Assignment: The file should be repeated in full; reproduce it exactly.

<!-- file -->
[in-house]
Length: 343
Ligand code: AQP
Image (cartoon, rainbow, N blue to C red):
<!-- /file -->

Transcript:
[in-house]
Length: 343
Ligand code: AQP
Image (cartoon, rainbow, N blue to C red):